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by Dorothee Soelle
Tuesday, May. 27, 2003 at 11:44 AM
"I compare this new movement with the early battles for the abolition of slavery in the 18th century..At that time a hundred years were needed to abolish slavery, end child labor and introduce minimum wages..We need a different economic globalization from below..
By Dorothee Soelle
[This address occurred a week after the attacks on New York and Washington on September 18, 2001 in the political night prayer at St. Katherine’s church in Hamburg, Germany. Dorothee Soelle, author of “Suffering”, “Love and Work”, “The Arms Race Kills Without War”, “A Silent Cry: Mysticism and Resistance”, “Thinking of God” and “On Earth as in Heaven”, died at the age of 73 on April 27, 2003. Her address is translated from the German on the World Wide Web, http://www.uni-kassel.de/fb10/frieden/themen/kirche/soelle.htm.]
We live in a cycle of violence and are caught in it. Our prison is the best furnished in world history. Still we are captive in the cycle of violence producing counter-violence. Terror demands counter-terror raising the first terror to another level. Is there no freedom any more to break through the circle? Must we remain spectators when violence increases daily and threatens the lives of the majority of people, fellow-creatures and our mother earth?
I quote from an interview with Jean Ziegler, the UN special ambassador for the right to food. He said on the World Trade Organization (WTO): “The WTO is incarnate neoliberalism. WTO fundamentalists hope to solve all problems by absolute market mobility. The disappearance of the normative forces of the state should bring peace, freedom and well-being for all. This is a totally absurd, irrational idea.” In reality, this destruction of all legal rules brings new forms of slavery and impoverishment. Think of the seamstresses who make our T-shorts so marvelously inexpensive.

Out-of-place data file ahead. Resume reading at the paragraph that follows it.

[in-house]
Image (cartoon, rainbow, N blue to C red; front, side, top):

My physician daughter living in Bolivia told me that half of the deaths in the mountainous Andes land are now suicides. The impoverishment is so great that younger people from the villages flee to the urban slums, to begging, prostitution or the drug trade. The older persons staying behind see no sense any more in a vegetating existence.
The consensus of the rulers of this world, the agreement of the WTO, the World Bank and the International Monetary Fund with the most important economic nations, the G8, is based on “three principles: privatization, total mobility and deregulation”, according to Jean Ziegler (taz, Nov 7, 2001). We live under a new totalitarianism that is far more clever and skilful than the two other forms of totalitarian rule. This totalitarianism doesn’t shout commands but speaks with a soft voice and dominates all things.
The main question in the last years has become the single question “what does it profit”.
German chancellor Schroder spoke of a “declaration of war against the civilized world”. The phrase goes back to Samuel Huntington’s “clash of cultures”. However should the rich with their hearts of stone be described as “civilized” and the impoverished as “uncivilized”? Or to speak with George Bush, is there now the “monumental struggle waged by the good against the evil? Which heart speaks?
Our heart of flesh occasionally knows about the impoverished world. Perhaps one has a presentiment about what is necessary regarding this barbaric catastrophe. Military retribution is not central but a correction of our way of life, an examination of the values determining our conduct, an admission of our own guilt or culpability in the suffering, misery and humiliation of those who see us as their enemies. The first war in the 21st century is announced.
While the murder of 6000 civilians was barbaric, we should not close our eyes to the fact that war is already underway, the economic war of the strong and the strongest against the weak and the weakest. This war must finally end. This economic war produces nothing but hatred and the destructive will of the strong, technologically perfect intelligentsia who cannot see any hope any more in the world of misery.
“Suicide assassin” is a new frightening term. In the past, people said “Smash what smashes you.” No technological, economic or military superiority helps. We are vulnerable as people and as an open society. As long as the economic war continues, the threats will increase for us. The window of vulnerability cannot be closed. That was a basic mistake that is absolutely transfigured and normalized in the Reagan-Bush tradition.
Noam Chomsky, one of the sharpest critics of the US since the Vietnam war, said the attack on the Twin Towers was a “crushing blow to the Palestinians, the poor and oppressed… because it pushed their legitimate fears and complaints into the background… If the US government grants Bin Laden’s prayers (a marvelously ironic sentence) and carries out a massive attack on Afghanistan or some other Muslim society, what Bin Laden and his allies want will come to pass – a mobilization against the West” (taz, Sept 20).